Four proposals that address drug advertising and marketing issues, which have not been widely discussed, may be incorporated into the final health care reform bill.
1) Of most concern to the pharmaceutical industry is a proposal to eliminate the tax deduction for drug advertising. Direct-to-consumer (DTC) advertising is a prime target due to concern that DTC ads do not present an accurate picture of drug risks and benefits and that they drive use of new drugs before their safety is fully known.
2) Health care reform bills in both the House and the Senate contain transparency provisions, akin to those in the Physicians Payments Sunshine Act of 2009, which propose for the disclosure of drug and device company payments to doctors to be federally mandated.
3) Section 138 of the health care reform bill bans the commercial use of “prescription information containing patient identifiable and prescriber identifiable data.” If passed, Section 138 would end drug representatives’ current practice of tailoring their sales messages to each doctor’s prescribing history, which can put more pressure on doctors to prescribe newer, more expensive medications.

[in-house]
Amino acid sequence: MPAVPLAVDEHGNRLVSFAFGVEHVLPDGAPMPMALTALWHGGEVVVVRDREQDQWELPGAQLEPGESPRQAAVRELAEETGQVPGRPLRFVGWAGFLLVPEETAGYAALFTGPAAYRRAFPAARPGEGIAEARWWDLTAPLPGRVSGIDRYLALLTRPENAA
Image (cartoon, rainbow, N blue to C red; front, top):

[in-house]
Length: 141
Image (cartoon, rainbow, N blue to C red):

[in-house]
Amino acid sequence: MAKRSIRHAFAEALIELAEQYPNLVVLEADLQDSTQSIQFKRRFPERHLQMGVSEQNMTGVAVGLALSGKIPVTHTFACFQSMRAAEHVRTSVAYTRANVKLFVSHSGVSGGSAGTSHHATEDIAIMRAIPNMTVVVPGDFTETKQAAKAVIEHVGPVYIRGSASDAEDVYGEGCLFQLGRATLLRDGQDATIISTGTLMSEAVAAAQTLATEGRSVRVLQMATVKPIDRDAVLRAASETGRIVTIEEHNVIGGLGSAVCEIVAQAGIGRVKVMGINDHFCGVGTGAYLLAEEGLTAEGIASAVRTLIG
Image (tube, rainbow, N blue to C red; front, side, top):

4) The health care reform bill would authorize the FDA to evaluate whether use of a “drug facts box” format on drug labels – to more clearly present a drug’s benefits and risks – would improve health care decision making. This bill would also allow the FDA to set standards for comparative clinical effectiveness information to be included in drug labeling and advertising.
Source: Health Reform Watch, 2 October 2009.